Kamran Bokhari, a senior fellow with the Center for Global Policy and a senior analyst with Geopolitical Future, said the Trump administration could also make it difficult for Pakistan to find money, from international lending institutions like the IMF or the World Bank.

Other policy options could include increased use of drone strikes or Special Forces operations to take out targets on Pakistani soil; but, such past actions have led to a rise in anti-American sentiment in Pakistan. Some analysts say it provides propaganda tools for militant recruiting.

Afghan responsibility

Trump also put Afghanistan on notice, saying it is time for the country to take ownership of its future, remarks former Afghan President Hamid Karzai, who was in power for nearly a decade until 2014, took issue with in a series of tweets.

"I very strongly oppose the new U.S. strategy towards Afghanistan as it is against peace and the national interest of #Afghanistan," Karzai tweeted Tuesday. "The strategy excludes bringing peace and prosperity to Afghanistan and is focused on more war and rivalry in the region. U.S. must seek peace and stability in Afghanistan rather than extending conflict and bloodshed in #Afghanistan and the region."

A statement by U.S. embassy Kabul Special Chargé d’Affaires Ambassador Hugo Llorens clarified U.S. expectations.

“The Afghan government must redouble its reform efforts and deliver on vital promises such as holding parliamentary elections next year and presidential elections in 2019, rooting out corruption, and enacting the tough reforms necessary for meaningful private sector-led economic growth. To maintain stability in the face of insurgent threats, Afghanistan’s leaders must also increase outreach to all ethnic groups and seek greater diversity and inclusivity in the government.”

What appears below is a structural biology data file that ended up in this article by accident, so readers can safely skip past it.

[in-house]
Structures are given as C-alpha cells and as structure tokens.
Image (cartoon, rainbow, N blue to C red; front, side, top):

Infighting between Afghan President Ashraf Ghani and Chief Executive Abdullah Abdullah’s camps since the 2014 elections has delayed meaningful electoral reforms. Meanwhile, rampant corruption has made efforts to govern, control the narco-trade, or even fight the Taliban insurgency harder.

Jawaid Faisal, the deputy spokesman for Abdullah, acknowledged Afghans need to deliver on reform, adding Afghanistan is “committed to becoming a self-reliant state.”

Ghani deputy spokesman Najibullah Azad says the country has undertaken reform. "We have successfully drafted a four-year security plan; top Afghan officials who were accused of corruption have been sentenced."

Trump said the days of America trying to create a society in its image are over, adding, “We will not dictate to the Afghan people how to live, or how to govern their own complex society.”

Majidyar said this gave rise to fears the administration might withdraw support for civil society and reduce emphasis on women’s rights, promotion of democracy, and development of political institutions. “Most Afghans want peace, but not at the cost of all the gains made in 16 years,” he said.